Amazon ‘Predatory’ and ‘Monopolist’ According to Penguin, Macmillan

Documents filed by publishers Penguin and Macmillan in federal court in Manhattan on Tuesday call Amazon “predatory” and a “monopolist” and assert that the government’s lawsuit alleging a price-fixing scheme between the publisher and Apple is flimsy and based on scattered circumstantial evidence, according to the New York Times.

The harsh rhetoric was part of a 76-page response from Penguin and a 26-page response from Macmillan to the Department of Justice’s lawsuit. Despite not being an official part of the lawsuit, Amazon was named prominently in the responses and labeled as the real enemy of competition in the publishing industry.

Read more at the New York Times.

One thought on “Amazon ‘Predatory’ and ‘Monopolist’ According to Penguin, Macmillan

  1. Rudy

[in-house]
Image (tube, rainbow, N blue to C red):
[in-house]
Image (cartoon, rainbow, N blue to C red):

Two wrongs do not make a right. If one grants that amazon was and is using loss leaders to dominate the e-book/e-reader market, that does not justify collusion by the publishers–publishers who, by the way, have been gobbling up independent imprints for decades–not for the benefit of authors and consumers but to better control the market, publishers who have, like the film industry, spent more and more resources on blockbusters at the expense of midlist to maximize profits. And then there’s their alleged partner in crime, Apple, whose goal was anything but altruistic. Consider also that publishers enable amazon by insisting on DRM, which locks people into a particular e-reader ecosystem, something that does as much or more than the pricing to help amazon dominate the market. Aside: DRM is entirely a publisher decision, not amazon’s; I’ve seen many blog posts and news articles that assume DRM is required by amazon. But amazon sells many e-books from non-Big Six publishers that don’t have DRM.

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